More than a bridge
Tongzhou Canal Bridges: the smaller of two bridges with integrated promenade pavilion and amphitheater.
Bridges are of as much interest to the general public as they are to designers and engineers, particularly if they are iconic and notable. Their timeless appearance and monumental size unsurprisingly strike interest and fascination among us all. In the early 1900s the need for transportation infrastructure gave rise to a variety of innovative bridge types; over time construction methods evolved, giving way to a catalog of new bridges. Today bridges come in all forms, some tall, some short, some designed for vehicles alone while others are intended for pedestrians, bicycles and even horses.
The most common bridge that fills our landscape and often goes unnoticed is the conventional concrete vehicular bridge. These are built purely for function and designed to move large volumes of motorists from point A to point B, withstanding high amounts of vibration and structural load. The potential for bridges to become iconic gateways, beacons, and connecting devices between and within towns and cities is often overlooked. Alternatively these monumental structures can be seen not only as bridges but as places – places for connecting people, places for viewing, places for gathering and celebrating. This view provides opportunities to bring new value to existing communities, not only through a piece of infrastructure but through a holistic design approach involving disciplines including architecture, urban design, transportation, engineering, landscape architecture and hydrology.
Tongzhou Canal Bridges: conceptual linkages diagram.
In 2010 AECOM’s Los Angeles Urban Design team completed a waterfront master plan and sustainability guidelines for the city of Tongzhou, China. As a result of the two-year design and planning effort, local city leaders announced an international design competition for two bridges and a waterfront park. After being asked to participate in the competition, our multidisciplinary design approach and methodology was selected. We choose to build on our key concepts established during the master planning stage and leverage these ideas to develop the new landscape and bridge elements.
Tongzhou Canal Bridge and waterfront.
The site is located at the confluence of four rivers; the design calls for two bridges along an arterial loop road connected with a waterfront promenade and park. The key design drivers were pedestrian connectivity and access from the central business district and adjacent neighborhoods to the waterfront for recreational activities. The two bridges include programmed space where the structure meets the landscape; this becomes a transitional space where landscape becomes bridge and buildings become landscape, blurring the lines between the public realm and architectural elements.
Aerial Rendering: Alternative 2 of Sixth Street Viaduct competition over the Los Angeles river.
More recently we were shortlisted to one of three design teams for the Sixth Street Viaduct competition in Los Angeles, a highly visible competition that featured some of Los Angeles’s most respected architects. Constructed in 1932, the Sixth Street Viaduct (also known as the Sixth Street Bridge) is an important engineering landmark in the City of Los Angeles. It is the longest of 14 historic Los Angeles River crossing structures. Located in a densely urbanized area just east of downtown Los Angeles, the bridge is a critical transportation link between the Los Angeles Arts District and Boyle Heights. A 1986 Caltrans bridge survey found it to be eligible for inclusion in the National Register of Historic Places; however the bridge must be replaced due to a form on “concrete cancer” that is rapidly eroding the structure.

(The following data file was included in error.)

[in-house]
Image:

View from 5th Street Bridge over the Los Angeles River: Alternative 1 is a cable stayed bridge with pedestrian ramps to a restored river bank and bike paths.
The new bridge is to span the Los Angeles River as well as multiple rail lines, functioning as a “gateway” to Downtown LA from the east. This multimodal bridge allows for vehicular traffic, bicyclists, and pedestrians with future connections to a restored LA River and future bike paths. The team included AECOM architects, landscape architects, urban designers, computational designers, transportation and structural engineers, all working together to come up with the optimal solution. The design team explored multiple alternatives varying from cable stayed pylons to a modified arched scheme that reflects elements of the old bridge. In addition to the bridge structure, a network of open spaces and plazas were incorporated to improve local pedestrian connectivity and community gathering spaces. We used our parametric design capabilities to help both our team and the interview panel visualize the design.
Sixth Street Viaduct: Hanging pedestrian and bike path over the LA river connecting Boyle Heights to the east arts district.
This design effort is ongoing and the team is continuing to explore a variety of structural elements and aesthetics.
Stephen Nieto (firstname.lastname@example.org) is an urban designer in AECOM’s Design + Planning practice.